Launch Series (Part 11)

Launching any initiative requires both external and internal launches. Perhaps the most difficult launches are those made internally. It would seem that these would be the simplest, right? Surely these people who are a part of your company will want to embrace the new initiatives and will immediately see the benefit. For every reason that the internal launch should be the easiest, the same reasons make it tougher.

Factor: They know you and should know that you only want the best for all.

Challenge: They also know your track record and have a tendency to put emphasis on things that either did not work as planned or were more difficult to accomplish than originally advertised. Initiatives that were a success, unless brought to top of mind, are often forgotten.

Factor: They work for the company which is the source of their livelihood. Wouldn’t they want something that has the potential for a positive impact?

Challenge: They usually do not want anything to disrupt what they are doing. Change is never seen as a convenience even if there is the promise of simpler, faster, more efficient and even financially rewarding. If the cost benefit is not obvious they can be your biggest roadblock by stalling.

Factor: It makes the company stronger, more progressive or more competitive.

Challenge: Company strength does not necessarily convert to personal strength, positional power or status. It is important to work on the ego factor here if you really want buy in.

Factor: Everything is in place and all lights are green. We have done all of the work, now we just need to make it happen.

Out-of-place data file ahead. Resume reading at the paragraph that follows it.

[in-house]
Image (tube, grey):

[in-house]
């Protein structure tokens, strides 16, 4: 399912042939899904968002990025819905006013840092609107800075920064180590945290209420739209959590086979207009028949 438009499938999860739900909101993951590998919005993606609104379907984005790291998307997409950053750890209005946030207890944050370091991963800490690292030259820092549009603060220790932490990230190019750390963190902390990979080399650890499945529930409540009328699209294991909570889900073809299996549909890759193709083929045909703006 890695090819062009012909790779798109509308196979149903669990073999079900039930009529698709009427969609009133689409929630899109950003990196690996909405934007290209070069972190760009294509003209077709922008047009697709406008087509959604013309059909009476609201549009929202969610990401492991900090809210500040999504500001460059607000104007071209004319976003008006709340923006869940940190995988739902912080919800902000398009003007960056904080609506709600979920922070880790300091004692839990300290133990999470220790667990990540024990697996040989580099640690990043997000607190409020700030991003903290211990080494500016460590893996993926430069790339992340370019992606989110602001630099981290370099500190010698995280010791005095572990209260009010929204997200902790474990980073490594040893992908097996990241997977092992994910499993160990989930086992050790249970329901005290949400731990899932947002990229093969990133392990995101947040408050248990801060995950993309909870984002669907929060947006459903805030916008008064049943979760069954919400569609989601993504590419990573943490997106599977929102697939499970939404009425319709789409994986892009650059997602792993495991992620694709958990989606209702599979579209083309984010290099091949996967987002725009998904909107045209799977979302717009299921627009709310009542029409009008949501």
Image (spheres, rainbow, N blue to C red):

Challenge: If they feel like it is being done to them rather than with them, there is a tendency to sit back and be a spectator rather than be actively involved. You cannot have a personal buy in if they have nothing to do with it.

Factor: You have great ideas and can spin those into initiatives that can make a difference.

Challenge: Being a thinker is far different than being a leader and innovator. If you readily come up with ways to create change but there is no engine, plan or buy-in to drive it, it will soon fade as another great idea.

It all boils down to several issues that are all related.

  • Change: Unless people see change as making something better, especially as it relates to them, the status quo will always be more comfortable.
  • Benefit: Global and personal benefits must be easy to see and be desirable. Without benefit, initiatives are often seen as mechanical.
  • Status: Even though a person may say that status is not important, how your initiative reflects on the person, those they touch and your company will be important. Status drives desire to realize the benefit and suffer change. No one does something to be less than they have been before.

The old radio station still plays WII FM – What’s in it for me!